Hey San Antonio:
Heard a radio ad today for a chain of gyms that is using the “Want to avoid roided up guys in the gym” and playing on most people’s perceptions that most people in gyms are in amazing shape, the guys are huge and hulking and the females are all fitness models – a laughable notion that is as far from the truth as possible (most gym members are normal people just looking to stay in shape).
While my client and I were laughing at the incredible stupidity of the ad (and for the record, it is an ad for Planet Fitness, WHOM, BY THE WAY, serves pizza to its members on Fridays – yeah, real serious about your fitness), she told me that she was talking to a friend that had some questions about something her personal trainer had told her, and my client told her friend that “my trainer (me :) is an encyclopedia for fitness, you should ask him about that and see what he says”. Long story short, my client’s friend called me and asked about a few exercises her personal trainer had told her about that are designed to target belly fat.
While the average person is often led to believe that belly fat can be spot reduced by specific exercises or different foods, it does not take a “fitness expert” to know that site reduction of fat is impossible.
I decided to look up this personal trainer’s website and read about his principles, his experience, etc. Of course, it was littered with false truths, catch-phrases, and told very little about the personal trainer’s background (other than his weekend based certification). It simply proved a point that I often make: unfortunately, personal training is a career that has a very low border of entry, and to become a personal trainer simply requires a small investment. Even the most respected of “certifications” is not all that difficult to obtain – ANYONE can be a personal trainer. However, how many people can be successful at personal training and can live off of their income that they make by helping others?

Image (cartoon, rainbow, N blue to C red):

I have received over 17 different certifications, a degree, have competed as a bodybuilder, have trained several figure competitors, bodybuilders, pro athletes, and individuals of all walks of life, special populations, and everyone else that falls into that spectrum. I have had my private personal training studio in San Antonio open since 2006. While I am obviously not a fly-by-night personal trainer, I must say that it is not one of those things that qualifies me as a fitness expert. Nor is it that I have been a personal trainer for over 15 years – it is a combination of all of those things. The great thing? I am educated and experienced enough to admit that the learning process is always continuing, and that being a fitness expert is not something that is obtained with a weekend course or even an in-resident program or advanced degree: it is something that is cumulative, obtained with years of doing more than simply surviving as a personal trainer.
While there are a few personal trainers that survive and do well in this business, most are unable to operate as fitness trainers for more than 12-18 months. Before you throw your money away on a novice personal trainer that is just learning the ropes, do your homework: while many gyms have personal training for $10-$20, understand that you get what you pay for, and the investment will be worth the made up time and the knowledge that your personal trainer is willing to share with you.
There IS a difference!